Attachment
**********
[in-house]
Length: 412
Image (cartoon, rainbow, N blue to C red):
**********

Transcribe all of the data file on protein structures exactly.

[in-house]
Length: 412
Image (cartoon, rainbow, N blue to C red):